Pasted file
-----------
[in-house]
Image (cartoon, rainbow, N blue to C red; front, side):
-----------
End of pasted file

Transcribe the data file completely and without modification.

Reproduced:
[in-house]
Image (cartoon, rainbow, N blue to C red; front, side):